NOTE: After a brief pause, our shipping operation is back up and running. We are now working through the backlog—and should be officially caught up in the coming days. Thank you for your patience!

'Northern Pinto' Bean
'Northern Pinto' Bean

'Northern Pinto' Bean

Regular price $3.50 Sale

Phaseolus vulgaris

Origin: Pacific Northwest

Improvement status: Cultivar

Seeds per packet: ~40 ($3.50)

Bulk seeds per packet: ~160 ($10.50)

Germination tested 11/2023: 98%

Life cycle: Annual

Pintos are the most common bean type in the US — and for good reason! They’re beautiful, delicious, and versatile. ‘Northern Pinto’ is a high-yielding pinto-type bean which has long been selected for northern climates. Egg-shaped beans are beige and splashed with brown dappling. Passed around the Seattle area for at least the last few decades, this strain has a high prevalence of darker brown inverted colored beans which make for a nice contrast. A great choice for those looking to add authentic flavors and textures to your cuisine.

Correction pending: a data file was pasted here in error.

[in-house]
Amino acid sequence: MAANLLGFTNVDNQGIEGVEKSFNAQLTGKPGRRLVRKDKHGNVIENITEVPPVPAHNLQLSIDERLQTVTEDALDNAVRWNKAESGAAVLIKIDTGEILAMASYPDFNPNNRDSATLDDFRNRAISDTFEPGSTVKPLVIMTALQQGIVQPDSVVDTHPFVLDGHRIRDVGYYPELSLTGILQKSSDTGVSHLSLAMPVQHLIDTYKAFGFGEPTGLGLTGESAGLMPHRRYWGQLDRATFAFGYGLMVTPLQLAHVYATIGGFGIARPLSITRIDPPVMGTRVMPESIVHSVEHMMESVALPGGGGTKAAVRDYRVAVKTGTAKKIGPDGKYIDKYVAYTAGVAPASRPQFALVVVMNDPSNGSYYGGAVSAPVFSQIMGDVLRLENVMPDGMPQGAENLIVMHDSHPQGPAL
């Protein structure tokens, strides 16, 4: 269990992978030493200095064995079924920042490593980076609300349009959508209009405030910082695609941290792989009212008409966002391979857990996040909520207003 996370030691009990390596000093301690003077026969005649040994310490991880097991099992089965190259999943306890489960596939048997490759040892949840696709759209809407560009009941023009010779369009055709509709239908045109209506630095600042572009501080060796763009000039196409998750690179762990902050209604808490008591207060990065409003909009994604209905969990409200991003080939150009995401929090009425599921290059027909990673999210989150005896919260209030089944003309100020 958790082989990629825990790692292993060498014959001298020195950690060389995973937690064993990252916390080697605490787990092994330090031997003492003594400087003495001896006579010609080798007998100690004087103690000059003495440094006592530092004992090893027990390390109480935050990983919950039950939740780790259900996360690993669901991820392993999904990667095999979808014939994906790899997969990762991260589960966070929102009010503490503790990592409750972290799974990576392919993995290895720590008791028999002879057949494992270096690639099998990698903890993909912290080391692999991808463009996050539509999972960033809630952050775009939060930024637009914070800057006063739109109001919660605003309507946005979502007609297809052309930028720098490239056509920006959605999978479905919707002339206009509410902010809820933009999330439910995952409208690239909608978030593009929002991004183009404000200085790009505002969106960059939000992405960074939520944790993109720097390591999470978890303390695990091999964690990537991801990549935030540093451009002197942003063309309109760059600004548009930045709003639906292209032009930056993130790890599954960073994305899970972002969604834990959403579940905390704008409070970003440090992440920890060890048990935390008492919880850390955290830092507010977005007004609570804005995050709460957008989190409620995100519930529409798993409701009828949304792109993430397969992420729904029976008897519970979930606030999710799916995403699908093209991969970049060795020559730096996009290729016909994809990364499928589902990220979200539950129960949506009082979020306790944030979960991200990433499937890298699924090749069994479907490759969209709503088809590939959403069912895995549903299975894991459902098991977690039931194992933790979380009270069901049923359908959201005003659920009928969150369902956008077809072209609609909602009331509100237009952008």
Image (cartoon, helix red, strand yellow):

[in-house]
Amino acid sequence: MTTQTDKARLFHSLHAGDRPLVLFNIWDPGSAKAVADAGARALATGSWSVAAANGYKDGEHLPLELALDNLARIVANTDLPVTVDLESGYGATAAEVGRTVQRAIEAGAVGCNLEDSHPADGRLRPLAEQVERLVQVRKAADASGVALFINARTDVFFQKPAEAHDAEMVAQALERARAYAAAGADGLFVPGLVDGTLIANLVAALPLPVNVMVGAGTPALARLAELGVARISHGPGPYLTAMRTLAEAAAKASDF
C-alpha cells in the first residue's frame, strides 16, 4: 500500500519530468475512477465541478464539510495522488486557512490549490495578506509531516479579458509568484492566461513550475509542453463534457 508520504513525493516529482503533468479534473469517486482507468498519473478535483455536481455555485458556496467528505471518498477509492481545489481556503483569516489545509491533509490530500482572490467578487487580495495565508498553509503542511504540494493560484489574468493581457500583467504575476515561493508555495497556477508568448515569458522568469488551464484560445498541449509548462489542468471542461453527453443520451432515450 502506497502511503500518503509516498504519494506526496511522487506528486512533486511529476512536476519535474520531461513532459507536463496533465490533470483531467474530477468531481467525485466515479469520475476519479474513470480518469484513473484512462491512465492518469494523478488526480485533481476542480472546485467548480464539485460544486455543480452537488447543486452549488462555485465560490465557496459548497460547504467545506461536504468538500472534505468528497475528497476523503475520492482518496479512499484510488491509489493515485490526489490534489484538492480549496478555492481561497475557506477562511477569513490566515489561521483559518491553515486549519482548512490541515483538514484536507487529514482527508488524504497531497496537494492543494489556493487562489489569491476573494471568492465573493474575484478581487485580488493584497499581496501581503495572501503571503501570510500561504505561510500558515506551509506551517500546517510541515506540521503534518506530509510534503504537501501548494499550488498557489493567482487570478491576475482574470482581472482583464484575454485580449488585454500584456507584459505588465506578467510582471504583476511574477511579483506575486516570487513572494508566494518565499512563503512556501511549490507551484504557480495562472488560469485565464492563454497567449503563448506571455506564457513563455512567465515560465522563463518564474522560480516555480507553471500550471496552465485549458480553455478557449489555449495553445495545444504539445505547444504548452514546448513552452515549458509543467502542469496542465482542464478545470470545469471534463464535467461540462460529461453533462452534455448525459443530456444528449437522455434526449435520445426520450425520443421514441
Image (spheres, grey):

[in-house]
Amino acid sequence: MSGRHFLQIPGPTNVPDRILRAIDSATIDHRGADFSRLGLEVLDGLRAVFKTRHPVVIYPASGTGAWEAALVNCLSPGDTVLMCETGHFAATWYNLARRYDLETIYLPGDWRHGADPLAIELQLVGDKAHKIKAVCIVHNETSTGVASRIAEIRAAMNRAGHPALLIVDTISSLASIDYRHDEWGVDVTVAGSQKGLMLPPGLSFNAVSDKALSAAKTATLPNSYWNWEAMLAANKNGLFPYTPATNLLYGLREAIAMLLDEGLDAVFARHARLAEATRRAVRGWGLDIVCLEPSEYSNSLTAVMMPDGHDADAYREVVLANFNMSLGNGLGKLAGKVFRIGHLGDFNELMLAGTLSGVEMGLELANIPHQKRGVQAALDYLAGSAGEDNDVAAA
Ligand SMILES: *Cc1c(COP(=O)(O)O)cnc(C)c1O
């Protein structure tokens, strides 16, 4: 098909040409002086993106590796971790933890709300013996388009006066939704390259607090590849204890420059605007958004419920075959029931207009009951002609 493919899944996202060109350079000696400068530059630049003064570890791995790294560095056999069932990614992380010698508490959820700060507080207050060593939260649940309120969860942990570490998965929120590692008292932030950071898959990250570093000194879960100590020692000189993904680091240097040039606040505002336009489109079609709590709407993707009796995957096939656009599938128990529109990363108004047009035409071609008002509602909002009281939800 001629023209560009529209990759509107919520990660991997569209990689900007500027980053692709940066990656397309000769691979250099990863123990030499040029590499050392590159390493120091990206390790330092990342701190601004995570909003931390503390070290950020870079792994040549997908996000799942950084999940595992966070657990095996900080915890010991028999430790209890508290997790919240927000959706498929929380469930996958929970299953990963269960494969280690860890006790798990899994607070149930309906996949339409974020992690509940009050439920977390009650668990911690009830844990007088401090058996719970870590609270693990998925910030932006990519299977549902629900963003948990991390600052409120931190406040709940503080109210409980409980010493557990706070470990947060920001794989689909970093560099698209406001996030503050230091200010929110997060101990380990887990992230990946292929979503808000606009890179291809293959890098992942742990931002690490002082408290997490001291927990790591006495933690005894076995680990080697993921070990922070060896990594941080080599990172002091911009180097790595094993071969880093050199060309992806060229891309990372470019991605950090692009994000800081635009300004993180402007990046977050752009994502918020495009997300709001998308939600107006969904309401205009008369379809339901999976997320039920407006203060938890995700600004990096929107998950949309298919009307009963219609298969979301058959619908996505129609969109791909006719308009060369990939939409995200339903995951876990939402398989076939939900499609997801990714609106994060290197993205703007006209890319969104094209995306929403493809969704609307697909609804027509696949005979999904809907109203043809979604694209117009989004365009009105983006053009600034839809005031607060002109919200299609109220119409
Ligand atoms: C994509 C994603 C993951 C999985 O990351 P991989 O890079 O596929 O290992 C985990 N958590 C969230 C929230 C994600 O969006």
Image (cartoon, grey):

Pinto is a go-to for excellent BBQ beans, countless Mexican dishes, or your famous spicy chili. It is true — you might actually get in trouble for making refried beans with any other bean! With a comforting earthy flavor, its texture is similar to a kidney bean, but with a slightly softer, characteristically powdery texture.

Maturing early and drying down uniformly, this bean has been a good performer in dry farming bean trials in the Snoqualmie Valley near Seattle, Washington. Plants are bushes with short runners. Pods hold beans well during harvest but are easy to thresh.

Our seed comes from Chris Homanics of Head, Hands, Heart Nursery and Seed in Washington state, grown in collaboration with Sean Stratman of Dancing Crow Farm.

GROWING TIPS: Direct seed after danger of last frost, probably early to mid May in most of the US, or as late as early to mid June. Rows could be 12-18 inches apart, plants could be 6-10 inches apart. Harvest as pods dry, or pull entire plants when most of the pods are dry. If possible, avoid harvesting during or after heavy rains.